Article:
“Just because KAZA is implemented doesn’t mean the elephants can take advantage of it. They are at the mercy of the elements and their needs. Shutting down the man-made resources might stimulate elephant movement, but it will also cause tourism to suffer, one of the main reasons for the treaty being created,” according to Mat Dry, Safari Guide, author of This is Africa, and owner of TIA Safaris.
This article is not designed to diminish or minimize the efforts of conservationists fighting to prevent the slaughter of elephants in the Congo by militants who sell the ivory to purchase ammunitions, or in the Selous in Tanzania, a park that has been ravaged by poachers. That horrendous disregard for life must stop.
However, Africa is an enormous continent and what is true in the Congo and other parts of Africa is not the reality in other countries. Outsiders should understand that if culling becomes the only answer to this problem, it will not happen until all else fails.
But, again, this current situation is not sustainable for the other animals in the parks or for the humans living in and/or on the edge of the last great wild places in Africa.
Sadly, instead of ordering culling in a responsible, humane way by rangers, the elephants are to be shot by trophy hunters. Elephants are intelligent creatures with keen memories who protect members of their family.
This approach of killing a single adult member of a family will create angry, vengeful matriarchs, and rogue bulls that will likely terrorize villagers. When I was in Zimbabwe, I could hear the low rumble of the elephants grazing peacefully nearby our tent camp while we were sleeping. A marauding elephant could easily destroy a wilderness camp. This is a dangerous response to a serious problem that could wreak havoc for the 2-billion tourist industry.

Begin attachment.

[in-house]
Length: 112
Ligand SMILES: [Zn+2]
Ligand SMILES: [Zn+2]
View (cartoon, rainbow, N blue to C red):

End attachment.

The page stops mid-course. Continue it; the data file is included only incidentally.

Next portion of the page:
The restriction of flights to Africa to prevent the spread of COVID-19 is giving elephants a reprieve. Hunters can’t enter the country, but, according to a recent Bloomberg.com article by Antony Squazzin, “Seven hunting packages, of 10 elephants each, were available for auction. Only one (package) was not sold as no bidders met the reserve price of 2 million pula ($181,000),” said Adrian Rass, managing director of Auction It Ltd, of Botswana.
Hopefully, an answer to the elephant conundrum will appear by the time things get back to our “new normal.”
Note: Special thanks to photographer Tom Schwab for the wonderful elephant photos.
Linda Ballou is an adventure travel writer with a host of travel articles on her site www.LostAngelAdventures.com. You will also find information about her travel memoir, Lost Angel Walkabout-One Traveler’s Tales from Alaska to New Zealand, and Lost Angel in Paradise where she shares her favorite hikes and day trips on the coast of California.
Subscribe to her blog www.LindaBallouTalkingtoYou.com to receive updates on her books, travel destinations and events.